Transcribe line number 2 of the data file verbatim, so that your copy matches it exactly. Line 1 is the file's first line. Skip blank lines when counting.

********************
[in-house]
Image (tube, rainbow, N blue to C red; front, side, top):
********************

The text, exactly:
Image (tube, rainbow, N blue to C red; front, side, top):